The possibility of superinfections with mycotic or bacterial pathogens should be kept in mind during therapy. If superinfections occur (usually involving Pseudomonas spp. or Candida spp.), the drug should be discontinued and/or appropriate therapy instituted.
Prescribing AUGMENTIN XR in the absence of a proven or strongly suspected bacterial infection or a prophylactic indication is unlikely to provide benefit to the patient and increases the risk of the development of drug-resistant bacteria.
Information for Patients
Amoxicillin and Clavulanate Potassium Extended Release Tablets should be taken every 12 hours with a meal or snack to reduce the possibility of gastrointestinal upset. If diarrhea develops and is severe or lasts more than 2 or 3 days, call your doctor.
Diarrhea is a common problem caused by antibiotics which usually ends when the antibiotic is discontinued. Sometimes after starting treatment with antibiotics, patients can develop watery and bloody stools (with or without stomach cramps and fever) even as late as 2 or more months after having taken the last dose of the antibiotic. If this occurs, patients should contact their physician as soon as possible.
Patients should be counseled that antibacterial drugs, including AUGMENTIN XR, should only be used to treat bacterial infections. They do not treat viral infections (e.g., the common cold). When AUGMENTIN XR is prescribed to treat a bacterial infection, patients should be told that although it is common to feel better early in the course of therapy, the medication should be taken exactly as directed. Skipping doses or not completing the full course of therapy may: (1) decrease the effectiveness of the immediate treatment, and (2) increase the likelihood that bacteria will develop resistance and will not be treatable by AUGMENTIN XR or other antibacterial drugs in the future. Discard any unused medicine.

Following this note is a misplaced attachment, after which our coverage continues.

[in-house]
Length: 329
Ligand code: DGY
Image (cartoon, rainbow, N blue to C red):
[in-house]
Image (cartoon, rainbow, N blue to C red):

Probenecid decreases the renal tubular secretion of amoxicillin. Concurrent use with Amoxicillin and Clavulanate Potassium Extended Release Tablets may result in increased and prolonged blood levels of amoxicillin. Coadministration of probenecid cannot be recommended.
Abnormal prolongation of prothrombin time (increased international normalized ratio [INR]) has been reported rarely in patients receiving amoxicillin and oral anticoagulants. Appropriate monitoring should be undertaken when anticoagulants are prescribed concurrently. Adjustments in the dose of oral anticoagulants may be necessary to maintain the desired level of anticoagulation.
The concurrent administration of allopurinol and ampicillin increases substantially the incidence of rashes in patients receiving both drugs as compared to patients receiving ampicillin alone. It is not known whether this potentiation of ampicillin rashes is due to allopurinol or the hyperuricemia present in these patients. In controlled clinical trials of Amoxicillin and Clavulanate Potassium Extended Release Tablets, 25 patients received concomitant allopurinol and Amoxicillin and Clavulanate Potassium Extended Release Tablets. No rashes were reported in these patients. However, this sample size is too small to allow for any conclusions to be drawn regarding the risk of rashes with concomitant Amoxicillin and Clavulanate Potassium Extended Release Tablets and allopurinol use.